The Last Jedi and a Gender Inclusive NIV

Gender Words In The Bible Don't Always Translate Well

Earlier today Disney dropped the title and logo for Star Wars Episode VIII, revealing it to be: Star Wars The Last Jedi. The blog sites and YouTube exploded and the question on everyone’s mind was: to whom does the title refer?

The confusion is in the fact that “Jedi” is one of those words that could be both singular and plural, like fish. You could have one fish or many fish. And you could have one Jedi or a whole bunch of Jedi.

I watched about half a dozen commentators on YouTube speculate about “The Last Jedi.” Some think it is referring to Rey, others think it could be referring to Luke, while many think it could be referring to both Rey and Luke since Jedi can be either singular or plural.

But one YouTuber named Charlie had the foresight to look up the title as it was posted in another language. Here’s what he says:

“Sometimes when you look at the way they translate posters and titles into other languages you can find out what they intended based on male or female pronouns. So on the poster they released in Brazil it actually read male and singular, so that implies that the title is supposed to be for Luke, not for Rey and it’s not for both of them.”

The key is that in English it is very difficult to determine whether Jedi means many or one, and whether it’s referring to a man or a woman, leading to a whole bunch of speculation. But when you find out how it was written in a language that includes gender pronouns, the ambiguities fade away.

Back to the Bible

A whole lot of mountains have been made out of a little molehill by English speakers regarding the NIV’s 2011 update that many have called a “gender inclusive” Bible.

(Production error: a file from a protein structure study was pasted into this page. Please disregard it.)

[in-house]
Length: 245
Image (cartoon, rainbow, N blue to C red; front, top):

The problem is traditionally when a word in Greek like “brothers” (ἀδελφῶν) was translated to English it was translated literally as “brothers,” even though in Greek that word could mean “brothers and sisters” depending on the context.

For example, in Luke 21:16 the NIV previously read: “You will be betrayed even by parents, brothers, relatives and friends, and they will put some of you to death.”

But since it’s 2011 update it now reads: “You will be betrayed even by parents, brothers and sisters, relatives and friends, and they will put some of you to death.”

While the 2011 edition is not as literal as the previous edition, it is more accurate. A Greek speaking person in the first century would have read or heard the word ἀδελφῶν in that context and understood it to be referring to brothers and sisters.

After all, “parents” refer to both dad and mom, “relatives” refer to people of both genders, as do “friends.” Does Jesus mean to imply that everyone will betray them except their sisters? Obviously not.

This example strikes at the heart of two common myths about Bible translations today. The first is that the NIV “changed” the Bible to make it gender neutral or gender inclusive. Where the NIV uses gender inclusive phrases it does so because the original language calls for it. The second is the myth that literal translations are more accurate. As we just saw, a literal translation of “ἀδελφῶν” in Luke 21:16 is not as accurate as to translate it dynamically.

Question: What other myths about Bible translations have you heard? You can leave a comment by clicking here.

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  • It’s true, the original language text is different from what we have today. Detailed scrutiny will show some differences but the truth itself is without error. It’s still the inspired Word of God. It’s also helpful to determine the original intent of the text and then, how it applies to us today. The inerrant Word of God is trustworthy and doesn’t contradict itself (even though it has grammatical mistakes). Truth is what gives the Bible authority and sufficiency. I love 2 Tim 3:16, “All scripture is given by inspiration of God, and is profitable for doctrine, for reproof, for correction, for instruction in righteousness.”